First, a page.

Nevertheless, the wealth of features and modes are not what impresses me most, it is the actual driving and its remarkable precision. Only the other day, I was trying to complete the Sébastien Loeb Special Event in Toscana on tarmac. For close to an hour, I was going for gold, and I kept falling short – one lap I was .012s away, only to somehow get even closer by ending up cruelly .002s off gold. It is incredible that such small margins can be the difference between winning and losing. I will not lie, I was frustrated, and I wanted to toss my controller at the screen, but I kept at it, and I eventually won gold – with .216s to spare. The experience left me feeling triumphant.
In Gran Turismo 5, every millisecond counts, and to master the game you must learn every corner and bump on the track. You need to know your car and understand its movements in the way that you understand the movements of your hand. Once you finally master a car, and its eccentricities, the sense of achievement is wonderful.
Sure, when things are going wrong, Gran Turismo 5 can descend into a laborious mess, with sluggish cars understeering round bends, but when it is going right, you will experience some of the most exhilarating gameplay possible. Sure, Gran Turismo 5 does not have the same unbelievable speed as, say, Need for Speed: Hot Pursuit, but nothing beats the adrenaline rush you get when in the cockpit of your favourite car, flying through the Nürburgring, clipping the track’s corners at the highest of speeds, with the slightest mistake likely to ruin your race.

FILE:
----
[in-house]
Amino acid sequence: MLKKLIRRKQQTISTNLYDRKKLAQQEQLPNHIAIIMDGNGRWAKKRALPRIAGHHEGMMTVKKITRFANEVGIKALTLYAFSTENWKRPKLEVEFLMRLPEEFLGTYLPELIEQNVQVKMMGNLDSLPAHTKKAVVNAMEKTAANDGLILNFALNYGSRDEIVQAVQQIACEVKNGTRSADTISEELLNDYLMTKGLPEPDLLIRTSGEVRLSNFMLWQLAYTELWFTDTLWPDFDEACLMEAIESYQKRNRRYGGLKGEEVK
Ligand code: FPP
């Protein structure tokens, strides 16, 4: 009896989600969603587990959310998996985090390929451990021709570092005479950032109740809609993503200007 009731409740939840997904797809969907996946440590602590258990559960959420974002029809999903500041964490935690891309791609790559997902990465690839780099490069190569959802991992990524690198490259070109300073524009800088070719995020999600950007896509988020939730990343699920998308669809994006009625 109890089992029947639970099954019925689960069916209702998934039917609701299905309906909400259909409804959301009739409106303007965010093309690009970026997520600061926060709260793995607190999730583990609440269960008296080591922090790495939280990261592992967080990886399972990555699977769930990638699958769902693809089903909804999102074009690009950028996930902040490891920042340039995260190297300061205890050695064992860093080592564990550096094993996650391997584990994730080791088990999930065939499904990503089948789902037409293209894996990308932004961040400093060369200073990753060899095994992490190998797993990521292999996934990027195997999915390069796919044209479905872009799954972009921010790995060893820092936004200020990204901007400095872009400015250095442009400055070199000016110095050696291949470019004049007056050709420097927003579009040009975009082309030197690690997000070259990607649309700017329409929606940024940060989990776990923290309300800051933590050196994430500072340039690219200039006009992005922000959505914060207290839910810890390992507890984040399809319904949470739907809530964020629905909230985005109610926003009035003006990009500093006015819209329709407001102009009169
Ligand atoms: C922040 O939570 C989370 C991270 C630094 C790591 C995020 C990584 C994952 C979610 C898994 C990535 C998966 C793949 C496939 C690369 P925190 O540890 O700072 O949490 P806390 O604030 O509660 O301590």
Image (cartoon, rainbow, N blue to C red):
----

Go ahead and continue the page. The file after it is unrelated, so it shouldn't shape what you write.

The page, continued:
I have collected numerous cars from Corvettes to Kübelwagen (I have four Skylines, in typical Gran Turismo fashion), and I love the variety on offer. Now, my Ford GT ’60 tends to be my most used, but closely following is Kazunori Yamauchi’s favourite, the Mercedes-Benz SLS AMG ’10. I do though have a new favourite car every time I play, and it does not necessarily have to be the fastest car either.
Remarkably, every car in Gran Turismo 5 feels unique; so with over 1000 cars in the game, I have enjoyed searching for my dream drive. Yes, around 800 of these are the low-res Standard Cars, which do not have cockpit views (the best view), but that has not put me off wanting to collect them. Moreover, 200 plus Premium Cars is an ample amount. Most of these are truly beautiful, and show a staggering level of detail inside and out.
The tracks in Gran Turismo 5 are also something worth admiring, from the city roads of London, Rome and Madrid to the beautifully scenic landscapes surrounding Toscana and the Eigar Nordland. If you want fast tracks, you have it; if you want to test your breaking and turning skills, you can have that as well.
Variety is such a key component of Gran Turismo 5; it has rally, NASCAR, touring car races and even karting. Rally racing is especially fun; it is a racing style that requires dedication and practise, but once you adapt to driving with less traction it will go from being slow and laborious to fast and dangerous, especially when fighting the dust clouds that are being created by the cars in front.